Wednesday, October 03, 2007

Banned Books week Sept 29-Oct 6th--Why does it matter?

Why does book challenging or book banning matter?

From the ALA: "Seventy-one percent of the challenges were to material in schools or school libraries. Another twenty-four percent were to material in public libraries (down two percent since 1999)."

The most popular reason, sexual explicitness. Oddly enough, of the challenges, the number challenging violence is less than half of the number challenging based on sex. Which is a rant for another day on how people twiddle their thumbs complaining about sex in media and look the other way when it comes to violence.

As a romance author, I can't help but look at this as a slippery slope. One day they challenge erotic romances or Sex by Madonna in the public library, the next they challenge Nora Roberts and Sherrilyn Kenyon, and then finally, Judy Blume and Toni Morrison in the middle and high school library.

Here's why this matters to every single individual:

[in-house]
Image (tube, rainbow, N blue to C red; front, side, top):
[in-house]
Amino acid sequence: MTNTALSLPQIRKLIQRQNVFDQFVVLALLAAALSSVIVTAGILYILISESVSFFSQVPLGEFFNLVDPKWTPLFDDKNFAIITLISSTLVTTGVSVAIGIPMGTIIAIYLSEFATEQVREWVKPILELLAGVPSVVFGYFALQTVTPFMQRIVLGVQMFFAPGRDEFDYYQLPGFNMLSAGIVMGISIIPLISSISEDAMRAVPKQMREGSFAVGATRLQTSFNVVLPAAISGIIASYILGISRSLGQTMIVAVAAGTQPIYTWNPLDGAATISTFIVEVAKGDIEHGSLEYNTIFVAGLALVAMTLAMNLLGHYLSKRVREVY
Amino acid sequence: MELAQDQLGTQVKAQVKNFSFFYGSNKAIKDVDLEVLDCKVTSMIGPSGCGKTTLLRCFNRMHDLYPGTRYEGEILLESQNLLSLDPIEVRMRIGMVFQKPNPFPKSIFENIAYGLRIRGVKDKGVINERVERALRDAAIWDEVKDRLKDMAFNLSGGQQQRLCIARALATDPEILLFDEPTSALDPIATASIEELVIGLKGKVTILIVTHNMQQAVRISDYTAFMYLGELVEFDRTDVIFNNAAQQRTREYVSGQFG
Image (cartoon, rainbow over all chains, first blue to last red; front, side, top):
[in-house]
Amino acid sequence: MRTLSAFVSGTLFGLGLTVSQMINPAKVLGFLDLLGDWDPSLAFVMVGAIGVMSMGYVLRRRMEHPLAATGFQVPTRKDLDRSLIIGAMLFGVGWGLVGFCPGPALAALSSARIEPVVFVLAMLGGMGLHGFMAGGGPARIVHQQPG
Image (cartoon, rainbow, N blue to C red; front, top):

We are a free society with freedom of speech.

Don't like something someone says? Don't listen. Don't like something someone wrote? Don't read it. Don't want your child to read book X? DON'T LET THEM READ IT. But don't pull the book out of the library, school or public, so that other children who might want to read Book X, can't.

There are books in my daughters's school library, I'm sure that they aren't ready for. But other kids in that school are ready to read them. Why am I going to pull those books out simply to appease me and my thinking?

Every time a book is challenged or banned, I believe we lose a little bit of our freedom. That's why this matters.

Tomorrow, I plan to blog about challenged books that I've read and on Friday, I want to share a personal experience. Yes, I've experienced book banning at the school library level. And the experience has stayed with me to this day.

May the muses have freedom


Blogger N.J.Walters said...

Amen! May the muses have freedom!

7:25 AM  

Post a Comment

<< Home